The Australian Share Market is now almost “off the scale” and the Australian Share Market is representing outstanding value in all but the most pessimistic of scenarios.” says Shaw Stockbroking Research.
On any rational measure of valuation, the Australian Share Market is pricing in a very pessimistic outlook for earnings growth coupled with grave fears about credit worthiness.
All Ords 1 Year Trend
All Ords 5 Year Trend
Shaw’s research analyse a “typical” downgrade cycle assuming that the Australian and global economies dip into recession and suggest there may be 10% downgrades to earnings estimates based on previous cycles should this scenario eventuate.
Global bond markets have been driven to “bubble” proportions due to a flight to safety amongst investors, a reluctance to borrow amongst the private sector and ongoing liquidity injections from central banks. Investors should avoid long term government bonds.
Whilst difficult trading conditions are likely to persist for the remainder of calendar 2011 in Australia and industrial earnings per share growth is likely to continue to be revised down, there remains a very robust capital expenditure cycle and strong export markets to buoy the economic outlook.
Unlike many central banks, the Reserve Bank of Australia has plenty of dry powder in terms of lower interest rates to help offset any demand driven weakness in the domestic economy .
Valuations are now almost “off the scale” and the Australian Share Market is representing outstanding value in all but the most pessimistic of scenarios.
Australian Shares look attractive in both an absolute and relative sense. Long-term returns from our dividend discount model using a 5% terminal growth rate suggest returns in excess of 14% per annum total return. This compares favourably to both short-term interest rates of 4.75% and 10 Year Government Bond rates of 4.1%.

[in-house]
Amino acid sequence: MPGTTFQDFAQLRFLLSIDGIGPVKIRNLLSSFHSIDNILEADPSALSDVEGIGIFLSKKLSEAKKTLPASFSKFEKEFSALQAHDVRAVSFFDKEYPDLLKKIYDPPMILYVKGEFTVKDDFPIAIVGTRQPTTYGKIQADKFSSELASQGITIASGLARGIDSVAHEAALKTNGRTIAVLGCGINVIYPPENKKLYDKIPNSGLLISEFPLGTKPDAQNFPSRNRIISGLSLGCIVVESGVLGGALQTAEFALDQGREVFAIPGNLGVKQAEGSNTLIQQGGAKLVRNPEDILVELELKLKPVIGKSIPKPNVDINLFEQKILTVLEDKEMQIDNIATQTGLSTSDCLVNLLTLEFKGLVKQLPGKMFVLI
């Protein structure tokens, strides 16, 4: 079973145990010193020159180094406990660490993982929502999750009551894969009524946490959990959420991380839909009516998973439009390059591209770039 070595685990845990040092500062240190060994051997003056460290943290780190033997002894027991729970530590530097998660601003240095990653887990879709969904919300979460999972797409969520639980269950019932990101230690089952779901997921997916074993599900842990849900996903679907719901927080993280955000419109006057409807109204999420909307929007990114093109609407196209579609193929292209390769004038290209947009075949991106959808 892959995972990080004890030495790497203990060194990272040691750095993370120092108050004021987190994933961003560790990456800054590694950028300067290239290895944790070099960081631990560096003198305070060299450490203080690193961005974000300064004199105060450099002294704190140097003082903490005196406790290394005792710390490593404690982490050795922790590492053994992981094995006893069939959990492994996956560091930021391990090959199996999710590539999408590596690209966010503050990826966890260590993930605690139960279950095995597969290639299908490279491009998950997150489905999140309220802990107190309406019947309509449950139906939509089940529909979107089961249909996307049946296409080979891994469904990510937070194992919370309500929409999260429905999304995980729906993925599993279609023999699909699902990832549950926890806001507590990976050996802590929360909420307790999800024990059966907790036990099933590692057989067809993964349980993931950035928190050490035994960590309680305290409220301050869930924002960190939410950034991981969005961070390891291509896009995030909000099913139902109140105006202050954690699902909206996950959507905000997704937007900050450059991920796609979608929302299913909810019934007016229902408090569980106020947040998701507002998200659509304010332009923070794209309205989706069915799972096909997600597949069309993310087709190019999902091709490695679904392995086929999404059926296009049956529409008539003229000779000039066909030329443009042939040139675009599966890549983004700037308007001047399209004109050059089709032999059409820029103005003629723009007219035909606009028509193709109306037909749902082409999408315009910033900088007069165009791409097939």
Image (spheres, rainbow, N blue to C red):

Analysis on Australian Bank Shares
All Big-4 banks provide investors with yields well above historic averages. Yields have been rising strongly as concerns over the global financial system and the realisation of a benign domestic outlook has led to bank underperformance relative to industrial peers.
Historically high yields
All four banks provide yields well above their historic 10 year averages, see charts to left. ANZ is trading at a yield of 7.9% compared to its 10 year average of 5.7%, CBA is 7.8% vs 5.8%, NAB 8.8% vs 6.0% and WBC 8.5% vs 5.8%.
Shaw Research believe current yields provide investors with unusually attractive risk/reward as we see little threat to the quantum of dividend payments over the medium term. We believe the market has already factored-in benign revenue and cost outlook and this is reflected in earnings and thus dividend expectations.
Further, the Australian majors remain among the most conservatively capitalised banks in the world, a situation that has strengthened since the GFC. Bank balance sheets have more Tier capital than required under APRA’s interpretation of the new Basel III capital regulations. Indeed, all four banks already materially exceed current requirements and in fact meet increased requirements to be introduced in 2016. This excess capital provides a buffer which could maintain dividend payments in the event of an unforseen occurrence (say a Eurozone default or bank collapse). Indeed, as we flagged in a note dated 8 September, we believe there is the possibility of capital returns if the global banking environment stabilises and confidence returns to the Australian consumer and Boards.
Another reason Shaw believe the Australian banks are relatively immune from offshore concerns is that they are basically self-funding their lending requirements from domestic deposits. Cash deposits have increased materially as consumers have become ncreasingly risk averse; savings rates are at 30 year highs. This implies that the Big-4 are much less exposed to offshore wholesale funding requirements in the medium term than they were during the GFC.
All four major banks provide particularly attractive yields at favourable risk/reward. We maintain our preference for NAB and ANZ over CBA and WBC.
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